President Trump’s proposed budget for the 2019 fiscal year includes deep cuts to public arts and media funding.
Perhaps my reaction surprises you, given that I co-founded and for 20 years helped run a non-profit professional theater company.
The proposal cuts the Institute of Museum and Library Services and reduces the Corporation for Public Broadcasting’s budget from $445 million to $15 million. It also cuts the funding for the National Endowment for the Arts and the National Endowment for the Humanities by almost 80 percent as prelude to phasing them out. As an aside, it will be interesting to see those suddenly emergent national debt hawks who were in cryogenic sleep during the Obama administration manage the trick of bemoaning the deficit created by the GOP tax cuts while fighting to the death for the superfluous federal expenditures on the arts. If we can’t cut these programs, we literally can’t cut anything.
The Corporation for Public Broadcasting, if it was ever necessary, is no longer. There were just three TV channels when it was launched: there are now hundreds. PBS is no longer commercial-free television: have you watched it lately? That doesn’t even take into consideration the constant fundraising. It is true that the commercial network fare now completely eschews any but the lowest culture, but increasingly so does PBS. The theory, as it has been for years, is that if a TV show is British, it is high culture. It isn’t. “Father Brown” is junk. There are better mysteries on CBS. “Midsummer Murders” is so slow you want to rend your garments. “Downton Abbey” was fun, but it was a soap opera. Taxpayers should not have to underwrite shows like this.
I confess to enjoying NPR, and it has been good to me professionally and personally. But it is partisan, and a publicly funded news station should not be. It is also flagrantly elitist to its core. If NPR is really popular, then some foundations and its wealthy listeners should be able to fund it.
Fox’s Tucker Carlson, a rich kid himself, has called arts spending “welfare for rich, liberal elites.” I agree in the sense that the government is paying for what the wealthy in a community should devote more of their own funds to pay for. The performing arts are now too expensive for anyone but the wealthy. Movies are half the price of a typical community theater show, and movies are seeing their box office numbers dropping. Opera? How many middle class Americans go to the opera? Symphonies? Ballets? Same thing. The entertainment industry doesn’t even pretend to care about keeping their product affordable for anyone not driving a Lexus. Look at the prices to see “Hamilton” or Bette Midler as Dolly on Broadway.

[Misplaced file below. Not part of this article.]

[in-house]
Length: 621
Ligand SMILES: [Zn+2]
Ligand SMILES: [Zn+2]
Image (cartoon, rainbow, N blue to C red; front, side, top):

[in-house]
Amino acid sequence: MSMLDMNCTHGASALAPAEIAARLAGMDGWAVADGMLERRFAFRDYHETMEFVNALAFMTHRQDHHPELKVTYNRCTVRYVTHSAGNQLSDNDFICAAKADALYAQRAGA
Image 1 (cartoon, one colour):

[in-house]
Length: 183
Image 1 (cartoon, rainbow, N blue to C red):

The New York Times unwittingly gives away the real reason they feel we need the government funding the arts, however. It’s indoctrination and propaganda:
[T]he National Endowment for the Arts amplifies the voices of Americans who aren’t the so-called coastal elite, or the aristocratic, or the advantaged. It seeks to diversify the stories we tell and the lives we see. This diversity can take many forms. It can be seen in racial difference and regional difference, in terms of gender and in terms of class…. Over the last 50 years, through Creative Writing Fellowships alone, the endowment funded the work of Tillie Olsen, who wrote stories about the deep fatigue of working-class mothers; Philip Levine, a Detroit-born poet and the “Whitman of the industrial heartland”; Ernest J. Gaines, the descendant of sharecroppers who wrote fiction about rural Louisiana; and Bobbie Ann Mason, a short-story writer from rural Kentucky who, along with Carver, brought “dirty realism” into vogue — a working-class counterpoint to the fictional worlds populated by rich, liberal elites.
Bingo. When the government funds the arts, it cannot help itself from funding artists and art that advance the government’s agenda and those of its agency administrators. What this means, and what honest artists will admit, is that artists change their projects and messages to attract dollars, not to express themselves. My theater company encountered this constantly. It was made clear that we would have a better chance at grants if we did more works by women, about minorities, and exploring gay issues. I am proud of our eclectic and diverse choice of seasons, projects and artists.We also kept our ticket prices lower than almost all of the other small professional theaters. Indeed, we suffered for that: since we charged about what the amateur theaters did, a lot of people assumed we weren’t a professional company. As a company run by straight, white lawyers that attracted older citizens with advanced degrees and explored American stage works 25 years old or older, government funders had steadily decreasing interest in our work, even though it was the only professional theater in the area that admitted children free of charge. What mattered most was whether our art supported the government’s objectives. The quality of the art was secondary.
I don’t fault them for that: they were giving out money, after all, Nonetheless, the power to fund is the power to control, warp and destroy.
Artists will always be with us. So will the performing arts, but new structures, systems and funding needs to be found that does not involve the government, whose participation pollutes art and make integrity impossible and innovation difficult.
Trump may not be seeking to cut government funding of the arts for the right reasons, but it’s still the right thing to do.